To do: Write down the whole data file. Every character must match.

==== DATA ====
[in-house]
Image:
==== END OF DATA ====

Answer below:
[in-house]
Image: